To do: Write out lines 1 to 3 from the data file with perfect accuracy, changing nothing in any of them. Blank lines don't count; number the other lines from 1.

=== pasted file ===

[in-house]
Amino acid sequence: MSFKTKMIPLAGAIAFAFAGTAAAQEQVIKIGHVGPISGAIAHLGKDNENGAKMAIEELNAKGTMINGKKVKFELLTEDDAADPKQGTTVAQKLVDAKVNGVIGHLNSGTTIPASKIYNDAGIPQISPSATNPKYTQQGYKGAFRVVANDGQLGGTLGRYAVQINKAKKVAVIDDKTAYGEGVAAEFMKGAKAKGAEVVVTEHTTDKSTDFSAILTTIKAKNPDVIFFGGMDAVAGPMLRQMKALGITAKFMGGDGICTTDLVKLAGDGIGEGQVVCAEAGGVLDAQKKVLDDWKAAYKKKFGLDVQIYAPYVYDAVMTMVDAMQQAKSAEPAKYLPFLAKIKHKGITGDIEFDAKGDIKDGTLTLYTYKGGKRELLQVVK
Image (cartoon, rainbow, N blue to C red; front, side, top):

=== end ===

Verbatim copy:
[in-house]
Amino acid sequence: MSFKTKMIPLAGAIAFAFAGTAAAQEQVIKIGHVGPISGAIAHLGKDNENGAKMAIEELNAKGTMINGKKVKFELLTEDDAADPKQGTTVAQKLVDAKVNGVIGHLNSGTTIPASKIYNDAGIPQISPSATNPKYTQQGYKGAFRVVANDGQLGGTLGRYAVQINKAKKVAVIDDKTAYGEGVAAEFMKGAKAKGAEVVVTEHTTDKSTDFSAILTTIKAKNPDVIFFGGMDAVAGPMLRQMKALGITAKFMGGDGICTTDLVKLAGDGIGEGQVVCAEAGGVLDAQKKVLDDWKAAYKKKFGLDVQIYAPYVYDAVMTMVDAMQQAKSAEPAKYLPFLAKIKHKGITGDIEFDAKGDIKDGTLTLYTYKGGKRELLQVVK
Image (cartoon, rainbow, N blue to C red; front, side, top):